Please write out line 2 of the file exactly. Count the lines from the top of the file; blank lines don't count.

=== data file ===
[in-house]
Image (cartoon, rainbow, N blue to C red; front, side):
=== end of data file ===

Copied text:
Image (cartoon, rainbow, N blue to C red; front, side):